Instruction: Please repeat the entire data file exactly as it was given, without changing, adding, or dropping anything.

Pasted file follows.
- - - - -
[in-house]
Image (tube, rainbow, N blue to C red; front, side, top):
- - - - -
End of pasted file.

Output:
[in-house]
Image (tube, rainbow, N blue to C red; front, side, top):